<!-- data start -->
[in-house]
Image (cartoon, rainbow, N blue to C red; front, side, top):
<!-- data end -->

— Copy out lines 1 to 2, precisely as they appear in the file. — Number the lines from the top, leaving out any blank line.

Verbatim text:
[in-house]
Image (cartoon, rainbow, N blue to C red; front, side, top):